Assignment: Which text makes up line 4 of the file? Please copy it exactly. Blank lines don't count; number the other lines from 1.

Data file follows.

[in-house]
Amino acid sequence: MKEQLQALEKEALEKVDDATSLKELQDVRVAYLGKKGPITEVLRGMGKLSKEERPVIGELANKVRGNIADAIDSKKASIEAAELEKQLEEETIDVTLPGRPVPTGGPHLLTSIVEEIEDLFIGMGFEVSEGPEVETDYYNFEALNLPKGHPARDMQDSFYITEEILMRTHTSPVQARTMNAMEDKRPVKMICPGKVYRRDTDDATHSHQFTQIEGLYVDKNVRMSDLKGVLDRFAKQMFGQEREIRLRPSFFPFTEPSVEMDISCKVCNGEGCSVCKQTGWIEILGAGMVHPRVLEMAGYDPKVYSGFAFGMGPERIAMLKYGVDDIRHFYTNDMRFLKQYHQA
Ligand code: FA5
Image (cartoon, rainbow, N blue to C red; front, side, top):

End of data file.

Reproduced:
Image (cartoon, rainbow, N blue to C red; front, side, top):